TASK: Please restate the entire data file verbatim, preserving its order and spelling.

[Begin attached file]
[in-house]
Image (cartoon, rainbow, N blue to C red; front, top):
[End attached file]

[in-house]
Image (cartoon, rainbow, N blue to C red; front, top):